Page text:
Action Research in ELT

Continuum of Research Methods
Action Research Questionnaire Survey Research Interviews ELT RESEARCH METHODS

Verbal reports Introspective Research

Diary Studies

Case Studies Qualitative Research Ethnographies

ACTION RESEARCH
• Action Research can be defined as a combination of the terms ―action‖ and ―research.‖ Action research puts ideas into practice for the purpose of self-improvement and increasing knowledge about curriculum, teaching, and learning. The ultimate result is improvement in what happens in the classroom and school (Kemmis & McTaggert, 1982). • Action research is a systematic procedure done by teachers (or other individuals in an educational setting) to gather information about, and subsequently improve, the ways their particular educational setting operates, their teaching, and their student learning (Mills, 2011 ). • Action research is a systematic approach to investigation that enables people to find effective solutions to problems they confront in their everyday lives. It does not look for generalization but focuses on specific situations and localized solutions

Reasons Why Action Research is a Research

 An AR addresses questions of interest to other practitioners;  An AR generates data;  An AR contains analysis and interpretation.

What Differentiated Action Research from other Researches
– – – it is carried out by the practitioner (classroom teachers); it can be collaborative or individual; it is situational (identification and solution of problems in a specific context); it can be aimed at changing things (improving the current state of affairs). (Nunan, “Research Methods in Language Learning” (1992:17))

ACTION RESEARCH FEATURES
• AR involves action in that it seeks to bring about change, specifically in local educational contexts. • AR is a research because it entails the collection and analysis of data. • AR is participatory and collaborative as it provides for collaborative investigation by teams of colleagues, practitioners and researchers. • AR is contextual, small-scale and localized—it identifies and investigates problems within a specific situation.

Action Research Process
Question

Action Research Process

Action Research Procedures
• Stage 1: Researchers identify, evaluate, and formulate a problem that is viewed as critical to their everyday teaching. This problem need not be restricted to a particular class but could involve a system change such as curriculum innovations in a school system. • Stage 2: Researchers consult with other interested parties— teachers, other researchers, and administrators—in order to focus the problem more clearly and perhaps suggest the cause of the problem. This stage is crucial because it involves the clarification of the objectives and assumptions of the study. • Stage 3: Researchers review research literature to find out what can be learned from comparable studies. • Stage 4: Based on their reading, researchers may modify or redefine the initial statement of the problem, which may take the form of a set of objectives or a testable hypothesis. They also explicitly state the assumptions underlying the project.

Action Research Procedures (cont.)
• Stage 5: Researchers specify the research design including the participants, choice of materials, and procedures. • Stage 6: Researchers clarify how the project will be evaluated with an understanding that this evaluation will be continuous. • Stage 7: Researchers implement the project undertaking the data collection process. • Stage 8: Researchers analyze the data, draw inferences, and evaluate the project.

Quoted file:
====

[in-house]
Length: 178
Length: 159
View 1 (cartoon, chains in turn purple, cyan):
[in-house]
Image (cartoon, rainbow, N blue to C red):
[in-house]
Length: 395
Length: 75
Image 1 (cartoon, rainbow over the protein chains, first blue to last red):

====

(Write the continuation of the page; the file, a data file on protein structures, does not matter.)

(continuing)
Data Collecting Methods
OBSERVATI ON INTERVIEW
QUESTIONNAIRE

SYSTEMATIC
(with observation guide) NON-SYSTEMATIC

DATA

COLLECTIO N

DOCUMENT S

learner-diary Teacher-diary
WRITTEN

TEST

ORAL PRACTICE/ROLE-PLAYING

Data Triangulation in AR
RESEARCHERS TRIANGGULATION
• Assigning some researchers to collect similar data so that the obtained data is “saturated” or constants TIME TRIANGGULATION • Similar data are collected in different times along the research period. SPACE TRIANGGULATION

• Collecting similar data from some different places.

THEORETICAL TRIANGGULATION
Comparing the obtained data to some different but interrelated theories (holistic approach)

As a process research which is naturalistic and transformative (aims to make changes) the situation of an AR continuously changes. To keep its reliability, the researcher needs to: 1) Attach original data (e.g. interview transcript and field notes 2) menggunakan lebih dari satu sumber data untuk mendapatkan data yang sama 3) berkolaborasi dengan sejawat atau orang lain yang terkait.

AR Proposal Outline
I. Introduction A.Background B. Problem Statement C. Research Objectives D. Research Significances

II. Review of Related Theories A. Literature Review B. Conceptual Framework C. Hypothesis (optional)

AR Proposal Outline (cont.)
III. Research Methodology A. Research Method: Action Research B. Research Setting and Subjects Features C. Research Variables D. Action Plan (e.g. Lesson Plan) E. Data Types and Sources F. Data Collection technique G. Data Analysis technique H. Data Triangulation I. Research Procedure J. Bibliography

References
McKay, S. L. (2006). Researching second language classrooms. New Jersey: Lawrence Erlbaum Associates, Inc., Publishers Burns. A. (2010). Doing action research in english language teaching: A guide for practitioners. New York: Routledge: Creswell, J. W. 2008. Educational research: Planning, conducting, and evaluating quantitative and qualitative research. New Jersey: Pearson Denscombe, M. (2010). The good research guide for small-scale social research projects. New York: McGraw-Hill Ross, Kenneth N. (ed.). (2005). Educational research: Some basic concepts and terminology. Paris: International Institute for Educational Planning/ UNESCO.

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